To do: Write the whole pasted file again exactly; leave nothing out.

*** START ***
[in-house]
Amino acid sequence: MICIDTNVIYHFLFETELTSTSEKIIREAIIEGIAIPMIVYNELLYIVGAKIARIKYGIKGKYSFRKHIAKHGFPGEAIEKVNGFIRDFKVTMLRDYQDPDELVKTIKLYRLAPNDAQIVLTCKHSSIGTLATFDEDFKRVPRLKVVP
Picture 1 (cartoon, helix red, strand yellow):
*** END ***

[in-house]
Amino acid sequence: MICIDTNVIYHFLFETELTSTSEKIIREAIIEGIAIPMIVYNELLYIVGAKIARIKYGIKGKYSFRKHIAKHGFPGEAIEKVNGFIRDFKVTMLRDYQDPDELVKTIKLYRLAPNDAQIVLTCKHSSIGTLATFDEDFKRVPRLKVVP
Picture 1 (cartoon, helix red, strand yellow):